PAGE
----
PARK RIDGE, Ill. Personal identification took on a new twist Friday (Feb. 15) as four individuals who lined up to "get chipped" became what are believed to be the world's first consumers to ask for implantable IDs.
A Florida family said Wednesday (Feb. 13) they want to be the first to have radio-frequency identification (RFID) chips placed in their bodies, mostly as a means of dealing with medical issues. Also, a Brazilian official will travel to the United States Friday (Feb. 15) to announce that he, too, wants to be fitted with a personal RFID chip, mainly as a deterrent against kidnapping.
The Florida family a mother, father and 14-year-old boy will receive the implants after the electronic devices are approved for pilot testing by the U.S. Food and Drug Administration. The Brazilian official will reportedly receive his implant in his left shoulder or arm after he returns to Brazil, in about a week.
All of the individuals will be fitted with a capsule-shaped device known as the VeriChip. Made by Applied Digital Solutions (Palm Beach, Fla.), the Verichip includes a 125-kHz RFID chip, an electromagnetic coil for transmitting data and a tuning capacitor, all in a silicone-and-glass enclosure measuring 11.1 x 2.1 mm.
The company, which is staking its future on the potential of implantable chips, has even trademarked the phrase "getting chipped" to describe the process of installing a human identification device.
Although researchers have implanted chips in themselves, this may be the first time four consumers have asked to have RFID chips implanted. As such, they will be the first to have chips that could automatically identify them to an electronic reader, much like a human bar code.
Experts said that the decisions of those four demonstrate the potential value of such electronic identification and simultaneously raise questions about loss of privacy.
"These people are choosing to do it, and they understand the risks," noted Stephen Keating, executive director of the Privacy Foundation (Denver, Colo.). "But the potential risks appear when a technology is widely adopted, and systems build up around it, and it gradually becomes less voluntary."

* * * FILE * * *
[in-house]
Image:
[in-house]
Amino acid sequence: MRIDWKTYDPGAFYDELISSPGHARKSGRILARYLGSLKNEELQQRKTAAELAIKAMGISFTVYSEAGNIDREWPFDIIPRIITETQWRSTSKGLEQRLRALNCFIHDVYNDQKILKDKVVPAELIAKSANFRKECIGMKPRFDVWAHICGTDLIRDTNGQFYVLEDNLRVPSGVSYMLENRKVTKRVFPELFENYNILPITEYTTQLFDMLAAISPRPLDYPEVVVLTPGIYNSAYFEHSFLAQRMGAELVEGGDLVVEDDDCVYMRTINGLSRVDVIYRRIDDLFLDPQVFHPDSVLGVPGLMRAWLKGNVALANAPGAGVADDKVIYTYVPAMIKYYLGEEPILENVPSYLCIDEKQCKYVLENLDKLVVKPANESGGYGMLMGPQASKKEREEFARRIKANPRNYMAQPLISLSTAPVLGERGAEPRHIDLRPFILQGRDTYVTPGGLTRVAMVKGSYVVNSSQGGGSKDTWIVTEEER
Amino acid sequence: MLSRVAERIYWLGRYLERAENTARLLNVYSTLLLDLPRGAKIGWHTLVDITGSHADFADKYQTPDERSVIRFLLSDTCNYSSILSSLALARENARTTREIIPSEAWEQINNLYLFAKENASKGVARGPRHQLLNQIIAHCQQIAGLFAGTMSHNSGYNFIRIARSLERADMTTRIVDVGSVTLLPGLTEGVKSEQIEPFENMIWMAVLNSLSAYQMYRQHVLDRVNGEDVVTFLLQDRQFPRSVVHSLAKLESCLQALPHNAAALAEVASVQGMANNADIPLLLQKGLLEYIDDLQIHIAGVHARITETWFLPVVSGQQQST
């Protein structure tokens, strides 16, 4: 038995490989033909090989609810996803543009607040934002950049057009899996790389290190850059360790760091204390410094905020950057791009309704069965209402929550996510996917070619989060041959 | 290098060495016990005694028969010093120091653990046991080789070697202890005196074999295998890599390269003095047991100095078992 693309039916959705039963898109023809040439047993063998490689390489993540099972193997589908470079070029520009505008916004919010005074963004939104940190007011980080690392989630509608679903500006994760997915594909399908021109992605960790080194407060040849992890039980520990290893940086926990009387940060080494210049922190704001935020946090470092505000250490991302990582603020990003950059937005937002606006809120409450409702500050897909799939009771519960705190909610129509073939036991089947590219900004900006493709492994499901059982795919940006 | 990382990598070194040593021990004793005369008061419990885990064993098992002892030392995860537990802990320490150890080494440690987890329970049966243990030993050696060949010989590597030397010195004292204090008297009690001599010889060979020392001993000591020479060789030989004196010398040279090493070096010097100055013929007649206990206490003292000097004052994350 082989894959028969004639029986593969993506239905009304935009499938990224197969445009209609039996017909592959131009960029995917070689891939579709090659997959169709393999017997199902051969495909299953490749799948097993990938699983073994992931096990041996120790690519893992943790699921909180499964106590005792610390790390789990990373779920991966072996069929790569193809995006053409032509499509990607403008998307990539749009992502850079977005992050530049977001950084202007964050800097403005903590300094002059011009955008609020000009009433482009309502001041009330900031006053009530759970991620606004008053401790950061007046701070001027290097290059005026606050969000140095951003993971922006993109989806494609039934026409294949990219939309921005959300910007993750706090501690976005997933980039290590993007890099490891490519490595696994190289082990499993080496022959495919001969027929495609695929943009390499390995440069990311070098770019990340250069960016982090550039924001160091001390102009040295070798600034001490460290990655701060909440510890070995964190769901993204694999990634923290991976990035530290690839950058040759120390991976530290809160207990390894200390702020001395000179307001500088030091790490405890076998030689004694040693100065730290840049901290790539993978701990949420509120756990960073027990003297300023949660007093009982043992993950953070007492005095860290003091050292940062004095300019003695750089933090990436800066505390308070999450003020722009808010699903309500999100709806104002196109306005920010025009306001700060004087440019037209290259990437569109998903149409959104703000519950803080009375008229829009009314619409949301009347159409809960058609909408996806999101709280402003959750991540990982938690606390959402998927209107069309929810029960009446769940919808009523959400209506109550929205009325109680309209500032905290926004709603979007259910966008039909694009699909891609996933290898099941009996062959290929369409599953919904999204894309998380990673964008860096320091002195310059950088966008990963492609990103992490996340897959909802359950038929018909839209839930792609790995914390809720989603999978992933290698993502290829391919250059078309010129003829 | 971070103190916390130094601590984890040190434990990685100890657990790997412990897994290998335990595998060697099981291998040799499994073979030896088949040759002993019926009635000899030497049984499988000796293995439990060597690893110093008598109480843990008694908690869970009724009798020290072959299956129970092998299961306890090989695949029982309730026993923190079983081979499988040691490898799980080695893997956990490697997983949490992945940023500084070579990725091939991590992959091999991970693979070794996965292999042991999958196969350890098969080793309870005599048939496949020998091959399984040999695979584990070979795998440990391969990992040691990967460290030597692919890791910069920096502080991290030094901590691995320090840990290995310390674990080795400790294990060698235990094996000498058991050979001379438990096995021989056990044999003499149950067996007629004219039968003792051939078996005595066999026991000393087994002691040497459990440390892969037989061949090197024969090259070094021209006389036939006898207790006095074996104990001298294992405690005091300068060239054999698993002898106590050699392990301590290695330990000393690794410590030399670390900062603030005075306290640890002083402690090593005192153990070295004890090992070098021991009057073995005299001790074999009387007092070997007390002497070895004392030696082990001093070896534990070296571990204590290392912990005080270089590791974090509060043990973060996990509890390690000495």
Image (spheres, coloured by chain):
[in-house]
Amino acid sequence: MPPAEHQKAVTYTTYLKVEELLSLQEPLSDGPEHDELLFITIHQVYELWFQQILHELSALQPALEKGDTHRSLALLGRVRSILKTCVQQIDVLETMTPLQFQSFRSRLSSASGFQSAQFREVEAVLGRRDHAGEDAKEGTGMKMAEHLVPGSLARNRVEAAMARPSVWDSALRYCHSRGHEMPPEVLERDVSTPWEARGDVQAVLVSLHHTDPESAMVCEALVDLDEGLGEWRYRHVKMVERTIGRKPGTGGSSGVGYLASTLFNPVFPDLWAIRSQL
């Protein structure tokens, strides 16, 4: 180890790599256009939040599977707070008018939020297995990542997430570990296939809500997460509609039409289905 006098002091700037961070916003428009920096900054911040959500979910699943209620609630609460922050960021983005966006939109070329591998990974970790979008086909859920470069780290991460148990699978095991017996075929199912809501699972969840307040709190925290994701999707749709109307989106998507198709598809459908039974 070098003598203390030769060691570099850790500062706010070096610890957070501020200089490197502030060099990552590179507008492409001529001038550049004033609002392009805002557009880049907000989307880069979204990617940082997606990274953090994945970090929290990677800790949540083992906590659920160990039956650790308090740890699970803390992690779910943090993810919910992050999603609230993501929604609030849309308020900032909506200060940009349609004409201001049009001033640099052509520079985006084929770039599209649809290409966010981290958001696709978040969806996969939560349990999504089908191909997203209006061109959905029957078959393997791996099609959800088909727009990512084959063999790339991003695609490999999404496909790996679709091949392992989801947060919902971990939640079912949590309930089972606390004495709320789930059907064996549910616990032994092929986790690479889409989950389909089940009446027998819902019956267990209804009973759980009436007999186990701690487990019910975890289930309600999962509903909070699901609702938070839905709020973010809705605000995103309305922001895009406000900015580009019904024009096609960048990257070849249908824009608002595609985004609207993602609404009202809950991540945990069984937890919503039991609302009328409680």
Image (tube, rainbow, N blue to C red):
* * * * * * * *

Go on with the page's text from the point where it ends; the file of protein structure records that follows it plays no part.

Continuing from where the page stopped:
Even the staunchest privacy advocates, however, acknowledged that the announcements served as a powerful example of the potential of electronic personal identification. The Florida family Leslie, Jeff and Derek Jacobs of Boca Raton are having the chips implanted as a means of dealing with medical issues. Jeff Jacobs, who has survived Hodgkins disease and lymphoma, plans for the chip to carry medical information about himself and his son, who is allergic to antibiotics.
"If paramedics found me incapacitated, the chip could tell them about my medication, my heart condition, my spinal condition, my allergies and who to contact in case of emergency," Jacobs said. "We see these as important reasons to 'get chipped.' "
The reasons for "getting chipped" may be even more compelling for Antonio de Cunha Lima, a federal minister and senator from Sao Paulo, Brazil.
According to statistics from the Brazilian Ministry, there were 267 kidnappings in Sao Paulo in 2001, and there have already been 63 in 2002. The Ministry says that there is approximately one kidnapping every 35 hours in Sao Paulo alone, and kidnappers reportedly have started targeting children under ten years of age as kidnap victims.
"Kidnapping is epidemic in Brazil right now," said Grayson Walker, a liason for Antonio de Cunha Lima, who does not speak English and could not be interviewed.
De Cunha Lima is expected to appear at Applied Digital Systems headquarters in Palm Beach, Fla., Friday (Feb. 13) to make the case for implantable identification. "He's doing this to make a statement and to encourage others to do it," Walker said. "There's definitely a deterrent factor here."
Walker said that de Cunha Lima plans to use the chip in conjunction with the company's Digital Angel product, a cigarette-pack-sized global-positioning satellite (GPS) communication device that can be clipped on a person's belt and can automatically send alerts if that person travels outside a prescribed radius.
As the technology now stands, the VeriChip cannot be used to track a lost individual. Instead, it can only be used from within a few feet to identify people who are incapacitated. Walker said, however, that de Cunha Lima hopes to encourage development of an integrated, implantable GPS-RFID device that could be used to track lost individuals.
Such technology, while not available today, is theoretically possible in a form factor about the size of an implantable pacemaker, engineers say. To develop such systems, researchers must first create RFID chips that can communicate wirelessly with GPS units before some day integrating both systems in a single package.
"In South America and Central America, they are begging us to integrate these products," said Keith Bolton, chief technology officer for Applied Digital Solutions. "So we have a paradox. In the U.S., people worry about privacy. In South America, they say, 'We want this product because we want to be found.' "
Applied Digital executives believe that the market for such devices could eventually be enormous, ultimately reaching as high as $70 billion per year. The company is also proposing the VeriChip's use on implantable pacemakers, defibrillators and artificial joints, as a means of parts identification.
"The human market for this technology could be huge," Bolton said.